New clinical trials are underway at the NewYork Presbyterian Hospital/Weill Cornell Medical Center in the US, to examine the benefits of gastric bypass surgery as compared to conventional treatments and changes to lifestyle in the mildly obese and in non-obese patients.
The research, the first of its kind for patients who are overweight or mildly obese, hopes to determine if such surgery can control type 2 diabetes, and whether it is better than other medical treatments available. Gastric bypass (or bariatric) surgery is currently only given to those who have a body mass index (BMI) of 35 or greater, defining them as having severe or morbid obesity . However, this study is for patients with a BMI as low as 26.
Francesco Rubino, chief of the gastrointestinal metabolic surgery program at NewYork-Presbyterian Hospital/Weill Cornell Medical Center and associate professor of surgery at Weill Cornell Medical College, commented “There is preliminary evidence suggesting that that these results are attainable even in overweight or mildly obese patients.”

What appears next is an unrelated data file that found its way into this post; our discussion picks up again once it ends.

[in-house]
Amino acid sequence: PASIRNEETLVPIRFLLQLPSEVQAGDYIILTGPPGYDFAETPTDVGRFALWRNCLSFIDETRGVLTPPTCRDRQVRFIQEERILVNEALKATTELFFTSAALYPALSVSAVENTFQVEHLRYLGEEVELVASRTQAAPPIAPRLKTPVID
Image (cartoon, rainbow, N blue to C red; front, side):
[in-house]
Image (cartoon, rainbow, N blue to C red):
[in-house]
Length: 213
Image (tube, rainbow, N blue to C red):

He added “We need rigorous, comparative clinical trials, like this one, in order to better understand when to prioritize surgery and when to recommend traditional medical treatment.”
Previous studies have found bariatric surgery to be an effective treatment for obese patients with type 2 diabetes, and to improve or normalise levels of blood glucose, bring down the need for medication, and reduce the risk for diabetes-related death.

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